We continue to discover phytonutrients in plants which we subsequently learn are vital to human health. Plants manufacture hundreds, and even thousands of secondary metabolites But we don’t necessarily know the effect of consuming these compounds in isolation. Since we may continue to learn what the synergistic value of the compounds in plants might be, I think (personally) it’s a good idea to eat them as part of the whole food. Likewise, I think it’s something to consider in plant breeding. As we breed for caloric yield, taste and other factors, we often lose health benefits (except the health of having enough food to keep one alive of course)

    http://www.nytimes.com/2013/05/26/opinion/sunday/breeding-the-nutrition-out-of-our-food.html?pagewanted=1&_r=0

    http://www.nytimes.com/interactive/2013/05/26/sunday-review/26corn-ch.html?ref=sunday

  9. ccbowerson 14 May 2014 at 7:07 pm

    Mlema-

    I was with you until the very end. The problem is much more about diets that do not include a good balance of fruits and vegetables, rather than worrying about various wild species we should be eating from 10,000 years ago. Crabapples, for example, are generally extremely sour, sometimes woody and often bitter – many are borderline inedible yet may look good on a chart of ‘phytonutrients.’ The healthier plant is the one actually eaten.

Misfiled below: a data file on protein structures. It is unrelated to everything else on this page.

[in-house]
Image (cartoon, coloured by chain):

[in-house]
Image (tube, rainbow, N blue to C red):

It is interesting, however, to look at such varieties to see if there is a way of incorporating some of their perceived advantages in a way that is acceptable to the average consumer. It appears to be a trend currently, and I think there are certainly positives to expanding the types of fruits and vegetables available to the average consumer (from a U.S. persepctive, anyways).

  10. Bill Openthalton 14 May 2014 at 7:29 pm

    ccbowers –

    Or we could take a leaf out of my Grandma’s book, who firmly believed that the worse it tasted, the better it was for your health. Cue in cod liver oil.